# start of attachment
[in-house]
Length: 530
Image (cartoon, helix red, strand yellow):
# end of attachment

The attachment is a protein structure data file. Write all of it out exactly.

[in-house]
Length: 530
Image (cartoon, helix red, strand yellow):